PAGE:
Do you have any idea how ridiculous unbelievers must see us? Just imagine for a minute that you’re on the outside of faith looking in.

———————

They get very solemn as they slowly take the bread and wine. They say that when they sing it’s to God Himself. Some get loud raising hands in surrender to Him. Some will even dance in the worship of someone who’s invisible. How bizarre is that?

They call a man who died a long time ago, Lord and Master.

They gather to read from a special and “magical” book, that they say speaks to them. They talk about being a living a life separated to Him. They truly think that others need to join them in this silly group. They regard each other as brothers and sisters and they serve each other.

They tell us that Jesus is God in human flesh, who was put to death on a cross is now alive. They also believe that His blood saves them from their “sin.” These very odd ones think this man is going to return and rule the world, physically bring the Kingdom of God to this planet.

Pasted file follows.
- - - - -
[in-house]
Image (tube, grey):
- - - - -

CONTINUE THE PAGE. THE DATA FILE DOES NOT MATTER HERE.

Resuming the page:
How very odd of them. How very strange these Christians are.

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There exists a letter written to Diogenes, who is known as the Cynic. It was written around 130 AD. This letter itself is fairly extensive. I suggest that you read it in its entirety. It describes the faith and beliefs of the Christian to a man who really has no idea about them but wants to understand–here is a small portion of this epistle. Remember that this is one of the very first observations of our Faith: